Charlie Tsemplis, 61, the diner’s other owner and a fellow Greek emigrant, said that he and Cheliotis bought the restaurant on June 1, 1981. The two had known each other for years, Tsemplis said, having gone to school together in Greece. Tsemplis, who is also a parishioner at St. Demetrios, said that Cheliotis “was a very good man. I’m going to miss him.”
Kostas Cheliotis said that scores of the Concord’s longtime customers and former employees attended his father’s wake and funeral. Waitresses who worked there in the 1980s whom he hadn’t seen in years remembered him and his sister, Diane Aykaz, the mother of Athanasious’s granddaughters, Lucianna and Lia Aykaz.
One waiter who attended the services, whom Kostas knew only as Carlo, worked at the Concord for 21 years. Kostas said that Carlo, a South American immigrant, told him how important Cheliotis was to him.
“He was telling me how proud my dad was of me, and how he treated him like a son,” Kostas said of Carlo. “He taught him how to conduct himself as a man, and what it means to have a family. He loves my father like he was his father.”
Kostas said that the tight-knit St. Demetrios community has been supportive of his family in the wake of his father’s death. Parishioners visited their Wantagh home throughout the weekend to let the family know that they were thinking of them.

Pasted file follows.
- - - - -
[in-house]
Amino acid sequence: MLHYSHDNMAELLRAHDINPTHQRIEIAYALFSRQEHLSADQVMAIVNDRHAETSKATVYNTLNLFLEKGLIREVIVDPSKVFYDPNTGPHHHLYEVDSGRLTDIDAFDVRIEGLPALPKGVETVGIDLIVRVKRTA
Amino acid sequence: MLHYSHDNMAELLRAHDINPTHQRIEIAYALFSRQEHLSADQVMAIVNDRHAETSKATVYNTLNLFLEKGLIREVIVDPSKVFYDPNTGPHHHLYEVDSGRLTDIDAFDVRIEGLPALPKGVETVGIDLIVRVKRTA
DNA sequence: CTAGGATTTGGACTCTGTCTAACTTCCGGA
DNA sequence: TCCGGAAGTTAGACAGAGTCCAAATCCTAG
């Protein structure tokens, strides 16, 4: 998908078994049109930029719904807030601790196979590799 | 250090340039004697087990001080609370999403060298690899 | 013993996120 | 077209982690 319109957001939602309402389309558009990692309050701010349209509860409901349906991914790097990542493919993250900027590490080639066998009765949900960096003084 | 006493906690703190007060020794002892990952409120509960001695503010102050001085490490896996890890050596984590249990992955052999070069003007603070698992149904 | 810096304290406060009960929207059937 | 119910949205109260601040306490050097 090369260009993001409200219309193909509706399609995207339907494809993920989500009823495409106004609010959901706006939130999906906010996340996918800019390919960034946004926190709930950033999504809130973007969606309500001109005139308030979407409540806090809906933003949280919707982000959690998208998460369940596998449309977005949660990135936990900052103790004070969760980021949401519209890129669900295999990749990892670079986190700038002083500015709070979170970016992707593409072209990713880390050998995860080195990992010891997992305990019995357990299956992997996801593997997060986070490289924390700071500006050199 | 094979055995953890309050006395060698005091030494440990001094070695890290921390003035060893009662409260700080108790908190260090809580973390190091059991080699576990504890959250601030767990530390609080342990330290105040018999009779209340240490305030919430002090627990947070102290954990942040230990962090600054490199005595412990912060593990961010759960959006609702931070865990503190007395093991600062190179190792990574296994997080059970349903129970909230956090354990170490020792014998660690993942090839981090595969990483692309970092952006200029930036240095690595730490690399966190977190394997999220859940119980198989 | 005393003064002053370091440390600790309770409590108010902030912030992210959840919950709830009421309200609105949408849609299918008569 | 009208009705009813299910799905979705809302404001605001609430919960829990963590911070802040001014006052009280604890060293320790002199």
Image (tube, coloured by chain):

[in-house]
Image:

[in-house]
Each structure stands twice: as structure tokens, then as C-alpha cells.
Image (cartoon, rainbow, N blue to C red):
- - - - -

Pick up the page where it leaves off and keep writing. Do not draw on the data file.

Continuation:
Kostas recalled that everyone who came to offer condolences said his father was always there to listen and help with a smile on his face. “I think what people know about him, which is what I will always remember, [is that] he never hesitated and never waivered in the amount of dedication and hard work that he put into his family, neighbors, church and business,” Kostas said. “He was just coming into a time in his life where he was just starting to enjoy all of his hard work. It’s definitely way too early for him to have died, but he couldn’t have been any happier.”
Grace Poppe contributed to this story.